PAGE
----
Israeli and U.S. politicians lately have been bandying about the prospect of an airstrike on Iranian nuclear facilities, stirring fear that another destabilizing clash could be provoked in a region already rife with civil war in Syria and other religious and political tensions.

GlobalFocusBut nonproliferation experts and Middle East analysts are skeptical of Israeli claims that the Tehran regime is so close to building a nuclear weapon that time is running out for a peaceful resolution of the decades-long standoff.

"This is a window that has been closing for 15 years now, and it's always imminently about to close," said Jamal Abdi, policy director for the National Iranian American Council. He sees the sudden flurry of diplomacy between Jerusalem and Washington as an outgrowth of the U.S. presidential campaign and Israeli interest in ensuring that the United States continues to hold a hard line against Iran.

U.S. Defense Secretary Leon E. Panetta was in Jerusalem on Wednesday to urge Israeli leaders to let negotiations and sanctions do their work before unleashing any military strike at facilities where Iran is suspected of enriching uranium or storing the processed fuel for potential upgrading to weapons' quality.

His visit followed one Sunday by Mitt Romney, the presumptive Republican presidential candidate who put the political spotlight on tension between the nation and Iran by promising to "respect" any decision Israel's leadership takes to protect itself.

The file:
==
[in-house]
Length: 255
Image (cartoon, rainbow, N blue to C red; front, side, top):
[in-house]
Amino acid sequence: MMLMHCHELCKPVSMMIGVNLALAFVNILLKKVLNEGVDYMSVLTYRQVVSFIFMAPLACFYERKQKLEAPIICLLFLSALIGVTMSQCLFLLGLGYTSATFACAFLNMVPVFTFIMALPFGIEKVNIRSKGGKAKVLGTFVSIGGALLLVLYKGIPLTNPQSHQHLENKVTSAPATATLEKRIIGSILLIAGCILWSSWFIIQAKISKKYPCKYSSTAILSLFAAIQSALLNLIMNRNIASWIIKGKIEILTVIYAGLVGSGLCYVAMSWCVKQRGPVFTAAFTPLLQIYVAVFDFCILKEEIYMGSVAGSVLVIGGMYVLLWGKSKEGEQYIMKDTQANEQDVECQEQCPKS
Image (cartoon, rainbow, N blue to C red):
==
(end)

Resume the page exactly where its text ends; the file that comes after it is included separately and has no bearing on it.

The high-profile visits gave a platform to Prime Minister Benjamin Netanyahu to proclaim Israeli impatience with diplomacy and sanctions, which he claimed had "not set back the Iranian program by one iota."

Netanyahu complained that "however forceful our statements, they have not convinced Iran that we are serious about stopping them." He put Panetta on notice that Israel is prepared to act alone in attacking Iran if it perceives itself to be at risk.

Alon Ben-Meir, a professor of international relations at New York University's Center for Global Affairs, said Netanyahu and Israeli Defense Minister Ehud Barak used the American visits to send a message to Tehran that Israel won't hesitate to take unilateral action.